A.M. Best Co announced that it has begun to assess the potential financial impact of Hurricane Wilma on the property/casualty and reinsurance industry, following the storm’s landfall in South Florida.
Best said its “initial focus will be on those rated organizations with the largest market share exposure relative to surplus. In addition, those companies that sustained losses associated from Hurricanes Katrina and Rita, particularly within the reinsurance segment and national primary insurers, will also be considered for a priority review.”
The rating agency also indicated that while it awaits “information from the affected entities,” it is “evaluating potential market share exposure based on a number of different industry loss scenarios.” Best said its analysts “will review each organization’s overall reinsurance protection relative to the market share and modeled results. Further, the analysis will include details regarding each company’s model assumptions, particularly as they relate to demand surge. Lastly, A.M. Best will evaluate each organization’s financial flexibility post-event, as those with strong flexibility will be able to more quickly replace depleted capital.”
The bulletin also notes that, “in comparison to Hurricanes Katrina and Rita, the Florida Hurricane Catastrophe Fund (FHCF) will provide the private insurance sector with reinsurance coverage, depending on the magnitude of Hurricane Wilma. The FHCF provides coverage for the 2005 hurricane season up to a limit of $15 billion through a combination of cash and bonding authority, in excess of an industry retention of $4.5 billion. The retention is applied to each of the two largest events in 2005 and reduced to $1.5 billion for other events.”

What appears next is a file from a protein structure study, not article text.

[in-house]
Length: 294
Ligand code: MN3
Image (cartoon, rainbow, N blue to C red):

Best also warned that “given the considerable volume of claims associated with Hurricanes Katrina and Rita,” it “believes a number of companies’ claims operations may be stressed, leading to greater risk of errors, bad faith claims and undetected fraud.”
In a specific comment on the Florida insurance market, Best observed that there are “a number of companies operating in the Florida property market that are not engaged in A.M. Best’s interactive rating process and, therefore, are not rated by A.M. Best. While A.M. Best does not assign a formal rating opinion to these entities, A.M. Bests believes their ability to meet policyholder obligations may be stressed given their geographic concentration in South Florida. This risk is increased given the significant losses sustained by the Florida market in 2004.”
Best said it would “continue to evaluate the potential and actual impact of Hurricane Wilma as more detailed information becomes available. While A.M. Best realizes that actual loss estimates will take time to accumulate, it is expected that all rated companies will provide preliminary modeled loss estimates and/or ranges within a reasonable time frame. Given the significant industry losses already sustained from 2005 hurricane activity and the path of Hurricane Wilma across the state of Florida, there is increased likelihood of rating downgrades or negative revisions to insurers rating outlooks.”
Was this article valuable?
Here are more articles you may enjoy.